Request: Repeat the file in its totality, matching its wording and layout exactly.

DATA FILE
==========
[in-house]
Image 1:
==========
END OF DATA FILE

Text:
[in-house]
Image 1: